John Knight

1712–
Twyning, Gloucestershire, England, United Kingdom

The Life of John

John Knight was born in 1712, in Twyning, Gloucestershire, England, United Kingdom as the son of Knight. He married Anne Barker on 4 October 1733, in Gloucester, Gloucestershire, England, United Kingdom. They were the parents of at least 1 son and 2 daughters.

Photos & Memories (1)

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Family Time Line

John Knight
1712–
Anne Barker
1713–1760
Marriage: 4 October 1733
Mary Knight
1734–1734
Anne Knight
1736–1823
Neighbor Knight
1737–

Spouse and Children

MARRIAGE
4 October 1733
Gloucester, Gloucestershire, England, United Kingdom
children

(3)

    Mary Knight

    Female1734–1734Female

    Female1736–1823Female

    Neighbor Knight

    Male1737–Male

Parents and Siblings

    Knight

    MaleMale

siblings

(1)

World Events (3)

1801 · The Act of Union

Age 89

The Act of Union was a legislative agreement which united England, Scotland, Wales, and Ireland under the name of the United Kingdom on January 1, 1801.
1808 · The British West Africa Squadron

Age 96

The British West Africa Squadron was formed in 1808 to suppress illegal slave trading on the African coastline. The British West Africa Squadron had freed approximately 150,000 people by 1865.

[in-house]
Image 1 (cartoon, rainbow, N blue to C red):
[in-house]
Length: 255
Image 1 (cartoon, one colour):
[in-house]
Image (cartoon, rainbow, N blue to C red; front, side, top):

1815

Age 103

The defeat of Napoleon Bonaparte at Waterloo marks the end of the Napoleonic Wars. Napoleon defeated and exiled to St. Helena.

Name Meaning

1 English: status name from Middle English knyghte ‘knight’, Old English cniht ‘boy’, ‘youth’, ‘serving lad’. This word was used as a personal name before the Norman Conquest, and the surname may in part reflect a survival of this. It is also possible that in a few cases it represents a survival of the Old English sense into Middle English, as an occupational name for a domestic servant. In most cases, however, it clearly comes from the more exalted sense that the word achieved in the Middle Ages. In the feudal system introduced by the Normans the word was applied at first to a tenant bound to serve his lord as a mounted soldier. Hence it came to denote a man of some substance, since maintaining horses and armor was an expensive business. As feudal obligations became increasingly converted to monetary payments, the term lost its precise significance and came to denote an honorable estate conferred by the king on men of noble birth who had served him well. Knights in this last sense normally belonged to ancient noble families with distinguished family names of their own, so that the surname is more likely to have been applied to a servant in a knightly house or to someone who had played the part of a knight in a pageant or won the title in some contest of skill.2 Irish: part translation of Gaelic Mac an Ridire ‘son of the rider or knight’. See also McKnight .

Dictionary of American Family Names © Patrick Hanks 2003, 2006.

Possible Related Names

Sources (1)

  • John Knight, "England Marriages, 1538–1973"

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